BELFAST, Maine — Belfast city officials are making a final push for a $500,000 downtown revitalization grant they say would help transform a long-neglected part of the city.
“We think this is the critical last piece of revival for Belfast,” Thomas Kittredge, the Belfast economic development director, said Wednesday. “We think we can move things forward.”
If the city beats out several other Maine communities for the Maine Community Development Block Grant funds, Kittredge said the money would be used to pay for street and infrastructure improvements.
The work would be done in the portion of Belfast bordered by Cross, Federal, Front and Miller streets that was designated as a “slum and blight” area by the Belfast City Council last year. It would include sidewalk construction, new lighting, an informational kiosk and signs, landscaping and nearly 40 new parking spaces.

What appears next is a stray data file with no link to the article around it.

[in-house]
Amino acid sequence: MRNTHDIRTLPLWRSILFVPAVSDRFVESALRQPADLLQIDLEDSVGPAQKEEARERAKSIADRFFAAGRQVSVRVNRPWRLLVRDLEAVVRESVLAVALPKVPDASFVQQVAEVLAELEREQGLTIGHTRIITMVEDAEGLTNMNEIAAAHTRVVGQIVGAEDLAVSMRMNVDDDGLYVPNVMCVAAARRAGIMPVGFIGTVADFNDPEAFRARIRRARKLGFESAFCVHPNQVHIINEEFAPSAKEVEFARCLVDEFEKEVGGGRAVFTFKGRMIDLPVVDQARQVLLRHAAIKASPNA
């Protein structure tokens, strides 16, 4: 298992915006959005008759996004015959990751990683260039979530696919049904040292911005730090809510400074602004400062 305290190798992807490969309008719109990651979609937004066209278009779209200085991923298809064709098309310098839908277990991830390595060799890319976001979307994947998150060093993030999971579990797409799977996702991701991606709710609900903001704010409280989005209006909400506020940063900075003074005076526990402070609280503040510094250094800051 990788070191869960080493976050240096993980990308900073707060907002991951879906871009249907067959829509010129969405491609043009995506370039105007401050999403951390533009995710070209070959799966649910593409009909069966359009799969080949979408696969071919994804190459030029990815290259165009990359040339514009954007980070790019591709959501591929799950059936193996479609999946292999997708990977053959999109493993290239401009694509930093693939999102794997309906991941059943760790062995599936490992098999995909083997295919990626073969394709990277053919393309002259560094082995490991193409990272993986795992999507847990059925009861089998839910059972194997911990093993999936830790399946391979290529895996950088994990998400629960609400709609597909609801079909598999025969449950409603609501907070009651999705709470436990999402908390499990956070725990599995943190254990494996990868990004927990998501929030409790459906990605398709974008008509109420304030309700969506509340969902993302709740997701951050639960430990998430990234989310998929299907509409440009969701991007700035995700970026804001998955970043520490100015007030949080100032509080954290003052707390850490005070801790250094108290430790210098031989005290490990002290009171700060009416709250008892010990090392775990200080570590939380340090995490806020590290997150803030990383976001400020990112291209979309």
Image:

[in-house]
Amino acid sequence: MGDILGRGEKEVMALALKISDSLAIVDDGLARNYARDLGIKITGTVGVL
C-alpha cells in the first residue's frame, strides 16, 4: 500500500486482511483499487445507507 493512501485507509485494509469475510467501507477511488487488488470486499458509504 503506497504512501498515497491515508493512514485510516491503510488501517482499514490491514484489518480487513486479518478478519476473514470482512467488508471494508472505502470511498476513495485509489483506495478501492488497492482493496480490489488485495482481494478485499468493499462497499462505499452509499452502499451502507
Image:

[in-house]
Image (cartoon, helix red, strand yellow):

The project would be done in the area that encompasses the Penobscot McCrum freezer plant, the former Vincent’s Restaurant and Consumer Fuel’s waterfront properties. While bordered to the east by the well-used Belfast Common city park, the property in question does have an industrial feel, Kittredge said.
“This area in between is not doing a good job connecting Main Street with the Common,” he said.
The improvements also would include erecting a gateway to the Common at the entrance located at Cross and Miller streets, making stormwater improvements along Cross, Miller and Spring streets and planting trees.
Altogether, the project is estimated to cost $750,000. Remaining funds would be matched with approximately $150,000 from a Communities for Maine’s Future grant which Belfast already has received and $100,000 from the city.
Kittredge said that a public hearing about the grant held earlier this month at a Belfast City Council meeting drew primarily positive comments.
“People were largely supportive,” he said. “We think it’s a good project. We’ll, hopefully, make a really good case to the state that we should be funded.”
No land would be acquired for the project, with all work being done on public rights of way, he said.
The application is due on March 30, and Kittredge said that he still welcomes suggestions or comments from the public.